The main surgical consideration of the aortic arch is avoidance of the left recurrent laryngeal nerve. The left recurrent laryngeal nerve travels posterior to the distal aortic arch, loops around, and travels back up and anterior to the aortic arch. Damage to this nerve during surgery can result in voice hoarseness or vocal cord paralysis.
Aortic dissection is a serious complication that can affect the aortic arch. It is defined as the separation of the innermost layer, the tunica intima, from the other 2 layers of the aorta. This separation allows blood to flow into the tunica media layer. Aortic dissection is commonly grouped into Stanford type A and type B depending on its location along the aorta. Stanford type A dissection involves the ascending aorta and the aortic arch. Aortic dissection is classically described as severe, tearing chest pain that radiates to the back. This is diagnosed with computed tomography angiography. While chest x-rays may show mediastinal widening, this diagnostic test has a low sensitivity for aortic dissection. Many serious complications result from an aortic dissection, including rupture of the aorta. Additionally, the the tear in the tunica intima may extend into the aortic valve, causing aortic regurgitation. Although uncommon, dissections of the aortic arch may lead to decreased blood flow to the head and/or upper extremities due to an intimal flap blocking one of the three major branches of the aortic arch.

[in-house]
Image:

Aneurysms are defined as localized dilation of an artery. They can develop nearly anywhere along the aorta and commonly involve the aortic arch. Aneurysms of the aortic arch are often asymptomatic and are found incidentally. They need to be closely monitored and may require surgical intervention to ensure that an aneurysm does not rupture, which is a complication that is often fatal. Aneurysms that are significant enough and are localized to the aortic arch without the involvement of the descending aorta may require a complete aortic arch replacement.
The isthmus is the narrowed portion of the aortic arch located just before the descending aorta begins. When the narrowing of the isthmus is significant, this can result in aortic coarctation. Individuals with coarctation of the aorta may be asymptomatic until later in life. Symptoms may include syncope, shortness of breath, epistaxis, headache, and chest pain. It is twice as common in males and commonly associated with Turner syndrome.